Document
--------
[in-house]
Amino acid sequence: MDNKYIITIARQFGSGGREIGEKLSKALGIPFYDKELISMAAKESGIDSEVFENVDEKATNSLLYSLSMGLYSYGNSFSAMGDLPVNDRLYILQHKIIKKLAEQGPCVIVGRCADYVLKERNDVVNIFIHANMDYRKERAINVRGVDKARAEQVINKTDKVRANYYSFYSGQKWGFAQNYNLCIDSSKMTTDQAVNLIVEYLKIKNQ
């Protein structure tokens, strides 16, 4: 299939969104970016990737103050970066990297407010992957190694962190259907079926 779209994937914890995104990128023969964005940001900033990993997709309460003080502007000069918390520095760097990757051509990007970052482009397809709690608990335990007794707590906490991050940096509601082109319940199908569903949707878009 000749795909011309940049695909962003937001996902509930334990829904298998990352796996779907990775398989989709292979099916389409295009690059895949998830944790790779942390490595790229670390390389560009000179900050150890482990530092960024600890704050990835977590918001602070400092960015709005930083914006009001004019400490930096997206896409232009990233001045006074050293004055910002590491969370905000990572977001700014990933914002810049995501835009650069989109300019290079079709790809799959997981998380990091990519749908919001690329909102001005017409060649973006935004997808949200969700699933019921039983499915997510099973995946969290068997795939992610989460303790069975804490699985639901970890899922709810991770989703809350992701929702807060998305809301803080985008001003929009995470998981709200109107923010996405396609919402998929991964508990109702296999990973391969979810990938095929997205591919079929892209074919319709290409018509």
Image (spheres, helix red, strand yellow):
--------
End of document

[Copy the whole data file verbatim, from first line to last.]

[in-house]
Amino acid sequence: MDNKYIITIARQFGSGGREIGEKLSKALGIPFYDKELISMAAKESGIDSEVFENVDEKATNSLLYSLSMGLYSYGNSFSAMGDLPVNDRLYILQHKIIKKLAEQGPCVIVGRCADYVLKERNDVVNIFIHANMDYRKERAINVRGVDKARAEQVINKTDKVRANYYSFYSGQKWGFAQNYNLCIDSSKMTTDQAVNLIVEYLKIKNQ
């Protein structure tokens, strides 16, 4: 299939969104970016990737103050970066990297407010992957190694962190259907079926 779209994937914890995104990128023969964005940001900033990993997709309460003080502007000069918390520095760097990757051509990007970052482009397809709690608990335990007794707590906490991050940096509601082109319940199908569903949707878009 000749795909011309940049695909962003937001996902509930334990829904298998990352796996779907990775398989989709292979099916389409295009690059895949998830944790790779942390490595790229670390390389560009000179900050150890482990530092960024600890704050990835977590918001602070400092960015709005930083914006009001004019400490930096997206896409232009990233001045006074050293004055910002590491969370905000990572977001700014990933914002810049995501835009650069989109300019290079079709790809799959997981998380990091990519749908919001690329909102001005017409060649973006935004997808949200969700699933019921039983499915997510099973995946969290068997795939992610989460303790069975804490699985639901970890899922709810991770989703809350992701929702807060998305809301803080985008001003929009995470998981709200109107923010996405396609919402998929991964508990109702296999990973391969979810990938095929997205591919079929892209074919319709290409018509």
Image (spheres, helix red, strand yellow):